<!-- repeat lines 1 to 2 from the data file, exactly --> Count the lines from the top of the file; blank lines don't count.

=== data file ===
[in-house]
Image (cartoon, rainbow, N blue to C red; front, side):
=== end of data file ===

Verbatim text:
[in-house]
Image (cartoon, rainbow, N blue to C red; front, side):